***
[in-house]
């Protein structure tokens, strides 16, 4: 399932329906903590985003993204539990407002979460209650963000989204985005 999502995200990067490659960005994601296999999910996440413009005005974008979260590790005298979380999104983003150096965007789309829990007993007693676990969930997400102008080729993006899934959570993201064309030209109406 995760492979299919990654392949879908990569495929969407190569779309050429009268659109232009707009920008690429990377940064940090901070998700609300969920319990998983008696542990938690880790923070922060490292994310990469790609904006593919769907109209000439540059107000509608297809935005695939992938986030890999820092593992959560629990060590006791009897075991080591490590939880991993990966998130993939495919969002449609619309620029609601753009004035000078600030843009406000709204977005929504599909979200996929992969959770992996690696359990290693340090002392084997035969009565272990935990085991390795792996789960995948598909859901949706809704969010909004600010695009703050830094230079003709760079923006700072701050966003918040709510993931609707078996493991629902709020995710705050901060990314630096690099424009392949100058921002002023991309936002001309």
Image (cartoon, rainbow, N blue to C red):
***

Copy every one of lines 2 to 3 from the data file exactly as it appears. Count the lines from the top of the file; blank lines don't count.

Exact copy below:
């Protein structure tokens, strides 16, 4: 399932329906903590985003993204539990407002979460209650963000989204985005 999502995200990067490659960005994601296999999910996440413009005005974008979260590790005298979380999104983003150096965007789309829990007993007693676990969930997400102008080729993006899934959570993201064309030209109406 995760492979299919990654392949879908990569495929969407190569779309050429009268659109232009707009920008690429990377940064940090901070998700609300969920319990998983008696542990938690880790923070922060490292994310990469790609904006593919769907109209000439540059107000509608297809935005695939992938986030890999820092593992959560629990060590006791009897075991080591490590939880991993990966998130993939495919969002449609619309620029609601753009004035000078600030843009406000709204977005929504599909979200996929992969959770992996690696359990290693340090002392084997035969009565272990935990085991390795792996789960995948598909859901949706809704969010909004600010695009703050830094230079003709760079923006700072701050966003918040709510993931609707078996493991629902709020995710705050901060990314630096690099424009392949100058921002002023991309936002001309």
Image (cartoon, rainbow, N blue to C red):